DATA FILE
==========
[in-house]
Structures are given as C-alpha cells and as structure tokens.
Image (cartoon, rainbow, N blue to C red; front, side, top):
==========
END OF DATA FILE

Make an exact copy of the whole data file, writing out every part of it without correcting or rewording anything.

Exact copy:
[in-house]
Structures are given as C-alpha cells and as structure tokens.
Image (cartoon, rainbow, N blue to C red; front, side, top):